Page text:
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# Piers Vitebsky awarded IASSA Honorary Lifetime Membership

During the ICASS X meetings in June 2021, Dr. Piers Vitebsky was awarded an Honorary Lifetime Membership by the International Arctic Social Sciences Association (IASSA).

This very prestigious award is some small marker of the esteem with which Piers is held by the Arctic social sciences and humanities community. The presentation to Piers was made virtually, and a number of SPRI colleagues joined an international audience to reflect on Piers's career and celebrate his achievements.

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# Mapping glacier surface debris thickness across high mountain Asia

PhD student Karla Boxall and supervisor Ian Willis have mapped the thickness of debris cover on all glaciers in High Mountain Asia. With colleagues from the US and China, they developed a robust statistical relationship between surface temperature and the few existing field measurements of debris thickness. Using regional scale thermal imagery, they applied that relationship to map debris thickness across all 134,770 glaciers in the region. Their map of debris thickness is as accurate and more precise than one already in the literature.

They also determine the controls on the distribution of debris thickness across glaciers showing that thicker debris typically occurs on flatter, west-facing slopes at lower elevations, where ice flow is slower.

Debris thickness contributes to the rate at which glaciers melt, so these findings have important implications for modelling the future behaviour of glaciers in this region.

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# Dowdeswell Bay

We are delighted to announce that Professor Julian Dowdeswell, former Director of the Scott Polar Research Institute, has been honoured by the Antarctic Place-names Committee, and an Antarctic bay has been named for him. The bay is about 8.5 km wide and 8 km deep (2021) at the southern end of Lallemand Fjord, Loubet Coast. To the west of Hooke Point and north of, and formed by the retreat of, Müller Ice Shelf. The newly named Dowdeswell Bay continues a well-established naming theme of Glaciologists in this area.

Professor Dowdeswell is a glaciologist, studying the form and flow of glaciers and ice caps and their response to climate change, and the links between former ice sheets and the marine geological record. He was Chief Scientist on the Weddell Sea Expedition, 2019, and represented the UK on the councils of both the Scientific Committee on Antarctic Research (SCAR) and the International Arctic Science Committee (IASC) and was Chair of the UK National Committee on Antarctic Research. Awarded the Polar Medal (1994) for 'outstanding contributions to glacier geophysics'; Founder's Gold Medal from the Royal Geographical Society (2008); Louis Agassiz Medal from European geosciences Union (2011) and Lyell Medal from the Geological Society of London (2018).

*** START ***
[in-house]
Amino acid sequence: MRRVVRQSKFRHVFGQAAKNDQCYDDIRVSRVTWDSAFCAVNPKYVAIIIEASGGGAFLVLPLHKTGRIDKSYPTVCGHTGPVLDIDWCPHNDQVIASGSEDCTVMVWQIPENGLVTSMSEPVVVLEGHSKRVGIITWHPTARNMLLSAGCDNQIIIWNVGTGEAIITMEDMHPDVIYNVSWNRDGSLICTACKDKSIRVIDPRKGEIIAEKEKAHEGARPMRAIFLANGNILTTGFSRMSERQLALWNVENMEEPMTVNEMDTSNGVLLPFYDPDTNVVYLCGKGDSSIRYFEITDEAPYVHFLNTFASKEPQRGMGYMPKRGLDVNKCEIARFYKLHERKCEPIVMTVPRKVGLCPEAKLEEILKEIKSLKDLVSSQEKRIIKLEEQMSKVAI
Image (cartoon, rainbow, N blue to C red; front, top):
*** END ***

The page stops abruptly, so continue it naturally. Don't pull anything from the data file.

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# New book: Explorations in the Icy North

A new book by Nanna K. L. Kaalund, SPRI Research Associate on the ERC Arctic Cultures project, is now out: Explorations in the Icy North: How Travel Narratives Shaped Arctic Science in the Nineteenth Century, University of Pittsburgh Press, 2021.

Science in the Arctic changed dramatically over the course of the nineteenth century, when early, scattered attempts in the region to gather knowledge about all aspects of the natural world transitioned to a more unified Arctic science under the First International Polar Year in 1882. The IPY brought together researchers from multiple countries with the aim of undertaking systematic and coordinated experiments and observations in the Arctic and Antarctic. Harsh conditions, intense isolation, and acute danger inevitably impacted the making and communicating of scientific knowledge. At the same time, changes in ideas about what it meant to be an authoritative observer of natural phenomena were linked to tensions in imperial ambitions, national identities, and international collaborations of the IPY. Through a focused study of travel narratives in the British, Danish, Canadian, and American contexts, Nanna Katrine Lüders Kaalund uncovers not only the transnational nature of Arctic exploration, but also how the publication and reception of literature about it shaped an extreme environment, its explorers, and their scientific practices. She reveals how, far beyond the metropole—in the vast area we understand today as the North American and Greenlandic Arctic—explorations and the narratives that followed ultimately influenced the production of field science in the nineteenth century.